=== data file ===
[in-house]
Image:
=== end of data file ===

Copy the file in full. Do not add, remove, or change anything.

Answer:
[in-house]
Image: